Wall Street bullish on the spoils of war
The global private military industry is changing how nations fight
The creeping military-industrial complex about which President Dwight Eisenhower warned us five decades ago has reached critical mass. In fact, P.W. Singer, a security analyst at the Brookings Institution, suggests that Ike would be flabbergasted by the recent proliferation of privatized military firms and their influence on public policy both here and abroad.
Calling them the corporate evolution of old-fashioned mercenaries, Singer's illuminating new book, "Corporate Warriors," says they provide the service side of war rather than weapons. They range from small consulting firms, formed by retired generals, to transnational corporations that lease out battalions of commandos. There are several hundreds of these firms, operating on six continents, boasting yearly revenues of more than $100 billion.
Operating mostly in the shadows, they have been players in numerous conflicts over the last decade, ranging from Angola to the former Zaire. They helped put down several low-grade rebellions. The governments of Saudi Arabia, Sudan, and Ethiopia have used them to remain in power. So can anyone else with, as Singer wryly adds, sufficient plowshares to beat into swords.
The US military has become increasingly reliant on private contractors for a wide range of support services. Contractors currently handle the logistics for every major American military deployment. They maintain such weapons systems as the B-2 stealth bomber, attack helicopters, and drone reconnaissance aircraft. What's more, President Bush has directed that many of the contracts for postwar reconstruction in Iraq go to US-based firms.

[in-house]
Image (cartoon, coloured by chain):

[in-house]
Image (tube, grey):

The number of private contract employees being used by the US military in Iraq is nearly 10 times what it was during the 1991 Persian Gulf War. While there were just 10 such firms in this country two decades ago, there are more than 30 today. Many of them are strategically based in northern Virginia, where their lobbyists have ready access to Pentagon officials.
DynCorp is a case in point. As one of the Pentagon's largest contractors in Colombia, the firm provides intelligence, trains Colombian troops, and sprays coca crops to help combat the country's cocaine trade. The State Department hired DynCorp to provide security for Afghan leader Hamid Karzai.
Then there is Halliburton Corp. The hugely profitable concern, which Vice President Dick Cheney headed during his highly profitable hiatus from public service, has handled most of the logistical supplies in the Balkans since the mid-1990s.
Not coincidentally, a Halliburton unit has become a major player in Iraq. One of its divisions, Kellogg Brown & Root, received a major contract to provide a wide range of services from building modular barracks to managing airports.
From 1994 to 2002, the Defense Department had contracts with US-based firms for an estimated $300 billion. Next year, the Pentagon will spend $25 billion on these firms, more than double last year's tab. Corporate consultants will train the new Iraqi military. DynCorp will train the new police force.
While our military has traditionally relied on private contractors, Singer says the wholesale outsourcing of US military services since the 1990s is unprecedented. Underscoring the scope of these services, he raises a red flag about the degree to which the rapidly expanding privatized military industry is driving tactical and strategic objectives.
The centuries-old mercenary trade has morphed into an immensely profitable corporate enterprise, complete with boards of directors, stockholders, and substantial returns on investment. And the post-cold-war period has spawned a slew of former military types with access to global arms bazaars. These latter-day soldiers of fortune are working for firms ready to roll, provided the price is right.
Factor in Sept. 11, with a more amorphous enemy, and one can see why Wall Street is bullish on these proliferating military firms. A Defense Department official summed it up, noting: "The war on terrorism is the full-employment act for these guys." But should it be?
Singer worries that the current rush to privatize runs the risk of cutting crucial corners. For-profit firms, he warns, may be cost-effective, but they are largely unaccountable, with plenty of incentives to pad their payrolls and hide their failures. Government can be notoriously inefficient, to be sure. Even so, its constitutional duty is to provide for the common defense. Those responsible for this fundamental public service, Singer says, should be fully accountable to the public. He's exactly right.
• Alan Miller is an editorial writer for the San Diego Union-Tribune.